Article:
For any compact set on a plane say C does there always exist a chord
in C such that its end points are orthogonal to the boundary of C (assumed smooth)
Consider two points $p,q$ on the boundary at a maximal distance from each other. If the chord $pq$ is not orthogonal to the boundary, say at $p$, then one could move $p$ along the curve in one of the two directions, obtaining a new point $p'$ so that $d(p',q)>d(p,q)$.
In a comment, Neal has asked what guarantees the existence of points $p,q$ on the boundary at maximal distance from each other. First notation: Let $A$ be the set in question, whose boundary is say the closed smooth curve $\gamma$. Since $A$ is compact it has a diameter, and so there are points $p_1,q_1$ for which $d(p_1,q_1)=d$ where $d$ is the diameter of $A$. For this result see
Now we claim that in fact $p_1$ lies on the boundary of $A$. For if not, it lies in the interior of $A$ and so lies in some disc $D$ contained in $A$. But then we could extend the segment $p_1p_2$ a bit into $D$, increasing its length, against $d(p_1,q_1)=d$. Similarly we can show that $q_1$ must lie on the boundary. Conclusion: with $p=p_1,q=q_1$ we have two points on the boundary at maximal distance from each other, and in addition achieving the diameter of the whole set $A$.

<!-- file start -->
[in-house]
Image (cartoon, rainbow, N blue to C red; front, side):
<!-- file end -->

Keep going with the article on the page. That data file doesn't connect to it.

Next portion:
The maximum distance argument is the essence of the matter (see answer by coffeemath) and I want to isolate here the minimal assumption needed for it to work, without imposing regularity conditions or topological restrictions on the boundary. The compact set could be the Hawaiian Earring space, or an earring with uncountably many circles, or the boundary could be a figure $8$, but the proof continues to work if...
- (infinitely near rays extend to infinitely near lines) for every boundary point $p$ of the boundary, if there is a sequence of points of the boundary $q_n$ converging to $p$ and asymptotic to a vector $v$ based at that point (so that the angle between $v$ and the vector from $p$ to $q_n$ goes to zero) then there are points of the boundary $r_n$ converging to $p$ and asymptotic to the vector opposite to $v$, AND
- (all points have infinitely near tangent-like lines) Every point on the boundary has such a sequence for at least one nonzero vector $v$.
This is true if the boundary is a union of differentiable curves with nonzero velocity vector (locally near any point, the curves are "branches", each one enclosing the point in an open smooth arc), which covers most cases. The proof works in any number of dimensions, or in a Riemannian manifold if you understand $v$ to live in the tangent space at $p$.